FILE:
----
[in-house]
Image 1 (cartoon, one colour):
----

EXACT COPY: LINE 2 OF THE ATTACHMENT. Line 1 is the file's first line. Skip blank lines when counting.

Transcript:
Image 1 (cartoon, one colour):